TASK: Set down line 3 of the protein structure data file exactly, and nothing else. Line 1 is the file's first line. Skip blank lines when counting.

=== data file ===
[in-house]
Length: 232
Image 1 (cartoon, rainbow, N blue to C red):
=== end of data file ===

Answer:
Image 1 (cartoon, rainbow, N blue to C red):